No matter how great or creative an author is, there is one trait about their writing styles that is very hard to shake off, and will determine the kinds of stories they write, and that is the things they deem important.
As an author, you’ve probably created a vast number of characters of all different sorts: male and female, strong and weak, but if you look back at your own characters and compare them with other people, you may find that it’s still easy to tell which characters were created by you and which were by others, because certain aspects of the characters are viewed as more important. For example, some person may emphasise a lot on appearance, and puts a lot of focus on defining his characters’ looks — aquiline nose, big eyes, and write a lot of detail into his clothing. Another person may believe that everyone in this world is always out to grab every opportunity that life throws at them, and therefore all his characters are successful in some way — they take charge of their lives, they seize opportunities that come their way.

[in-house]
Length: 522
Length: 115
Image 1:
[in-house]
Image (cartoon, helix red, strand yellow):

A good author is supposed to be able to observe the people around him and use them as source material for his stories, but the fact remains that we see the world in our own eyes, with our own values and biases. Even as we observe a person’s actions, we justify them using our own reasoning, and dismiss the things we don’t understand. My stories touch very lightly, if at all, on technical details and logical processes, because I am bad at technical stuff and don’t know a lot of the terms. It’s not that I wish to leave that part out, but I just cannot think of how to do it convincingly.
Of course, this is what authors consider their “niche”. If you suck at writing about real life, stick to science fiction. That is all well and good, but you’ll find that even in your sci-fi stories your characters are different from other science fiction stories. Your characters may say snarkier things because that’s how you view the world, or they may not talk at all because you wouldn’t talk if you were in their situation. Our characters are a lot more like us than we think, and even if we try not to, we do sub-consciously make them act like how we would act. It is just a matter of us having incomplete understanding of the world.
And this is fascinating to me. It’s fascinating how far our empathy for other people can extend. Does the ability to make varied characters make us a more empathetic person, better able to step into the shoes of others? If we make a character that’s supposed to be just like ourselves, how similar will he be to what others perceive of others? In a way, stories are like us seeking an alternative life, and can tell a lot about the person himself, even if he tries not to make the character like him.